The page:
and Sergeant Fred Woods were obviously involved in this sad and terrible
job as medics and when it was over they returned to their messdeck, both
of them pale and obviously traumatised by the experience and remaining
very subdued for several days.
CHRISTMAS DAY. " ... here we go a-wassailing ...!"
It was a very subdued ship's company as Centaur reached Gibralter on Christmas
morning where she had been ordered to offload the Lakonia victims. Word
had got around that the final body count from the disaster was quite a
lot higher than the 78 unfortunates accounted for by Centaur, but the
final total of 128 was not to be known for a while yet, and nor was the
level of International furore the incident aroused apparent at this time.
There was the meeting with Ark Royal and the Suez Canal to think of and
the ship ploughed Eastwards through the Mediterranian Sea. Tot time came
and in the band mess SOMEONE said something like: "This ship is in
a state of misery and shock, understandably ... we've GOT to do something
about it. What we need is CHRISTMAS CAROLS!" Unbelievably, it was
discovered that there was no suitable sheet music in the band library,
so it was time to go busking. When led by such a great extemporiser as
"Uncle" Maxie Beare and encouraged by a tot of rum and several
cans of beer (illicit hoarding had occurred, blowing wide open the
2 cans a day rule!), the lack of dots was soon overcome and recognisably
familiar tunes flowed down the ships gangways. The band went on the move,
growing in confidence as players found the correct voicings and harmonies
that gave authenticity to each carol. Invitations from one messdeck after
another were proffered and it was soon clear that all the matelots had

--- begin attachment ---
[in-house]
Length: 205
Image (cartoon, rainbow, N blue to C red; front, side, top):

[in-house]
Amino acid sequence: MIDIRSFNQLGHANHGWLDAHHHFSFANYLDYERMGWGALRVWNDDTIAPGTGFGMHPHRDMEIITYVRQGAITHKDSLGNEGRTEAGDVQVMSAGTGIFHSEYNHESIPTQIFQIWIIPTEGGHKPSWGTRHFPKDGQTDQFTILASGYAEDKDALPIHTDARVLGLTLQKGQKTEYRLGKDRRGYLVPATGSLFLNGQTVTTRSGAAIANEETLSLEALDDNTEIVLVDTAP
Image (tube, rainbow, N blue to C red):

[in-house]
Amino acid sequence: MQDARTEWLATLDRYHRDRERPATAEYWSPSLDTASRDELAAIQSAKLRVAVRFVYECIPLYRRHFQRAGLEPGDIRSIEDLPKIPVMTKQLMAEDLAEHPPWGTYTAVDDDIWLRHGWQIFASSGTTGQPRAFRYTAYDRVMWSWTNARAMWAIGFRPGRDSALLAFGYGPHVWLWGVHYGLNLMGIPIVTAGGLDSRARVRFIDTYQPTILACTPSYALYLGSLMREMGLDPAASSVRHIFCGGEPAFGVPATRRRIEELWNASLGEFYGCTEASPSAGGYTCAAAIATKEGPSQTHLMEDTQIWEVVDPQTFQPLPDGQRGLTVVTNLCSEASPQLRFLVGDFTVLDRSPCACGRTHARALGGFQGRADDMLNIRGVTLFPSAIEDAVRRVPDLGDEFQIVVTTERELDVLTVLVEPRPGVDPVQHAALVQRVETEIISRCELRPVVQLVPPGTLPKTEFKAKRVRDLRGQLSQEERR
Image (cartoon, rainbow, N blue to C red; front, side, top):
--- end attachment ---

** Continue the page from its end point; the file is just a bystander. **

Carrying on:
stockpiled booze. The band battled bravely on! The spell had been broken.
A mixture of singing comforting old tunes, alcohol and sheer good humour
and bonhommie brought the ship alive again and the band's lead in this,
coupled with their very hands-on part in the Lakonia sea-search and the
aftermath, had made a strong impression on the ship's company that would
be further reinforced the following month. But for now, it was time for
food! Playing suitable music, the band led the way in a conga to the dining-galley,
picking up more and more matelots as they proceeded. Then it was more
carols between mouthfuls of a lovingly-prepared Christmas Dinner, more
beer and messdeck visits ... and the day eventually drew to an end, closing
the first chapter of an eventful year in Centaur's history. No one could
have foretold that in just a few weeks Centaur would be involved in yet
another International incident with it's Royal Marine Band playing an
important role ... and covering itself in glory again!
above images for full view
Retreat on deck of HMS Centaur
Thank you Roger, Bagsy and Maxie for your help in writing this account
and I apologise to you and to Dickie for it's late appearance. It should
have been finished by 25th December but it was harder to write than I
bargained for, arousing strong emotions that took me by surprise, Anyway
... I didn't want to ruin ANOTHER Christmas for us all!
I dedicate this account to my comrades of the Band of HMS Centaur 1963/64
with my love, admiration and fondest memories.
Willi Watson ex RMB 3599. Dersingham, Norfolk.